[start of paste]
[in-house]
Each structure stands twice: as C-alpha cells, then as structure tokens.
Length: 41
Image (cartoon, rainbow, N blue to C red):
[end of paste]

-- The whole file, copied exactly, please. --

[in-house]
Each structure stands twice: as C-alpha cells, then as structure tokens.
Length: 41
Image (cartoon, rainbow, N blue to C red):